Get your PTA on Facebook
The key to a strong PTA is support, and that
is only possible if you put your PTA out there and let people know
about your work. This applies both to your school and the wider
community. Social media is a fantastic free resource which can be
utilised for reminders, to advertise events and even increase your
supporter base. As one of the largest social media platforms, we've
found Facebook is the favourite of our PTA+ community. But how can
you make it work for your PTA?
Facebook has over two billion monthly active users,
meaning chances are most people at your school have it. With no
character limits and different types of pages and groups available,
it's one of the most diverse social media platforms out
Gill Haynes told us of her success of using
Facebook to promote events: 'We have a public PTA
page where all our events are posted, and I also ask our members to
post on their own timelines. We post on the local Facebook
community and business pages to promote it to a wider audience. Our
local newspapers have Facebook pages too, so they promote our
events on social media and in their newspapers at no cost.'
Group or page?
Within Facebook, there are multiple ways to set up
your PTA presence. These come under two headings 'groups' and
A group can be set up with varying levels of privacy.
A secret group can't be found in a search, meaning people who don't
know about it won't be able to see it. A closed group is visible to
all, but its content can't be seen until a member has joined. An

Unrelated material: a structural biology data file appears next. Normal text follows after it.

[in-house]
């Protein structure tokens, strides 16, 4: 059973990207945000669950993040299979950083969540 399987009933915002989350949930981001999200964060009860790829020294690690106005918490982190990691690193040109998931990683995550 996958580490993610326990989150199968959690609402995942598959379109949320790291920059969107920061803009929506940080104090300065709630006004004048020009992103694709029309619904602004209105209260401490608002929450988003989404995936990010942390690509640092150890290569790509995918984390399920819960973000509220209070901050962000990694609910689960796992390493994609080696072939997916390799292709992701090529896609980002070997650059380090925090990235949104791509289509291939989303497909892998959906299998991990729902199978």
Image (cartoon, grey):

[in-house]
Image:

open group and its content can be seen by anyone, whether they're a
member or not.
Visitors to the group must put in a request to join.
This can be approved automatically, or you can set it up so that
anyone who asks to join has to answer questions before an admin
approves or denies their request.
Many PTAs are concerned about social media being
turned into a place for parents to voice complaints about the
school. With a group, anyone can post, but there's an option where
posts must be approved by an admin before they go live. You can set
it so only admins can post, there's the ability to block and mute
members, and there's also a 'rules' section where you can share any
requirements - we recommend 'this is not a place to air
You can also have 'announcements' on a group and pin
posts to the top to make sure visitors see the most important thing
first - don't forget to unpin them once they're no longer
There's a files section where you can upload agendas
and minutes, meaning everything is conveniently in one place.
Be aware that with a group you will be visible as an
admin and, if your personal account settings allow it, this means
you can be messaged directly by members of your group. There's
nothing wrong with being visible in the school community, but do
bear this in mind.
With a public page, anyone can see it, meaning
potential sponsors and additions to your donor base, which
is fantastic for fulfilling a school's target to involve the
You can easily share posts to other pages and promote
events, making advertising simple (and free). Any messages
sent to the page will go to the page's own inbox, meaning you can